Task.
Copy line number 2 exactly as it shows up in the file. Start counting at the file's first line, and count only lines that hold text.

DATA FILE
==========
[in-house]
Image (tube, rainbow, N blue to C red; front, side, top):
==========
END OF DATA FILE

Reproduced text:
Image (tube, rainbow, N blue to C red; front, side, top):